New Orleans, St. Ann Street

I sit across from the couple by the window. She is young, and full of energy and happy. She wears a black dress with red cherries and I can tell it’s the kind of dress that took her some time to choose. You can see her, right? Back in her apartment, casting off the green dress on the chair and then tossing the less form fitting, flowy black one across the bed? You can see her, debating which shoes to wear; flats or heels. She knows flats are the smart choice given the uneven streets, but heels make her legs look amazing. You watch as she paces back and forth, a different shoe on each foot, holding each out in front of the floor length mirror, trying to decide. She doesn’t ask him which looks better, not because he won’t give her an opinion, he’s totally the kind of guy that would give an opinion. She just wants to make this choice on her own tonight. She picks the heels. It’s a good choice and she is confident now, sitting comfortably across from him, free from her previous uncertainty. Her confidence is vibrant and attractive, and you can tell from the way he looks at her that they are very much in love.

It’s a small restaurant, in the heart of the quarter surrounded by old buildings and gas street lamps. They sit at a table by the window, dressing the restaurant for those passing by; those recovering from a day of drinking and excess with lent and ashes. He notices she is low on wine and he pours her more from the bottle with a twist, just so. They laugh and tell stories and eat. They are relaxed and happy, enjoying each other’s company.

She rests her hand in the middle of the table. It’s a fine hand, beautiful and thin, laying on the white linen between them. She sets it past the bread and the carefully poured wine; past her mostly untouched pasta and shrimp dish. She rests her hand on the table, crossing the expanse that separates them. He pours more wine, cuts into his food, and smiles at her and they laugh. It isn’t that he rejects her hand, he just does not take it.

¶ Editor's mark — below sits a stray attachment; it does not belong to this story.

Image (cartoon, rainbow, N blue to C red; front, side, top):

I want to pull him aside. I want to tell him, as we pass each other on the way to the bathroom. I want to tell him to take her hand. And that’s even more than he needs to do. Just reach out and touch it. Reassure her. I want to shake him a bit and tell him its plain to see this is what she is asking for. Just the briefest touch. I don’t say this, of course. In case you are concerned. I never would. He would think me intrusive. Or that I was a crazy person. He would tell me there is nothing wrong between them and they are very much in love. And all of this would be correct. I’d have nothing to say back to him. He is right. Everything is fine.

After a few minutes, her hand slowly retreats. She brings it to her hair, adjusting a stray lock or brushing it back past her ear, it doesn’t really matter which. It was one of those two. She smiles at him and listens as he tells a story about a friend at work who didn’t get a promotion that he was supposed to get. They are happy and drink their wine and eat their food. They are content and in love.  Anyone can see it.